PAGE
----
Some of Tennessee’s finest future teachers got a preview this week of what they’ll be doing every spring for the next 30 years or so: celebrating academic accomplishments at an awards ceremony.
Students in MTSU’s College of Education accepted praise, applause, scholarships and thanks from the families, faculty and community who’ve supported their efforts to become the next generation of Tennessee educators.
The Monday afternoon ceremony in the College of Education Building moved more swiftly than usual to accommodate the threat of inclement weather, but Dean Lana Seivers said the brevity was no reflection of the importance of the honors.
Thanking the students’ families and friends, the supporters of the college and the students themselves for their dedication, Seivers was matter-of-fact about the challenges the new educators will face.
“I think it’s a passion. It’s not one for the faint-hearted,” said Seivers, a longtime teacher, administrator and former state commissioner of education before she accepted the deanship at MTSU.
“People who think you do it from 8:30 to 3:30 and you’re done have no idea just how hard it is or just how much you care. Or just now much you know. There’s no other profession in the world that’s possible, that didn’t start somewhere, without a teacher. Remember, when you go out and read about all that you’re doing wrong, that you’re not the problem. You’re the solution.”
More than 50 students received undergraduate and graduate scholarships this year, and 21 students were recognized as special honor students for their superior grade-point averages. You can see the full list of honorees in the event program at http://ow.ly/wlGdx.
“There’s a quote I really like (by educator Jacques Barzun) that says ‘Teaching is not a lost art, but regard for it is a lost tradition.’ I don’t think that’s true here at MTSU … and one of the reasons is because we have so many donors who make sure they recognize the art of teaching through scholarships and awards,” the dean noted.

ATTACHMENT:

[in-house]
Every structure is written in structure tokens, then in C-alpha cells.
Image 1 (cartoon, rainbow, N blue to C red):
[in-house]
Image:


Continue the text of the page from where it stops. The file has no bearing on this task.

“Nowhere more than in teaching do we know the importance of paying it forward. As you get out into your classrooms as beginning teachers, there’ll be so many times that you’ll reach into your pocket on that whopping big teacher’s salary you make, and you’re going to be paying for a child to have lunch money or go on a field trip … or somebody else who can’t afford valentine cards to share. You see from the people who have donated (to create scholarships) just how to pay it forward.”
MTSU was founded as a teachers’ college in 1911 and still is one of the largest producers of educators in Tennessee each year. It’s also the only Tennessee university training teachers for each of the state’s 95 counties as well as across the country and the world.
Citing a quote calling teachers “the gatekeepers of dreams,” Seivers told the students to keep that in mind.
“Teachers are the gatekeepers of dreams. Think about that as you go out into your life’s work. Think about how many dreams, because of you, that some child is going to get to realize.”
— Gina E. Fann (firstname.lastname@example.org)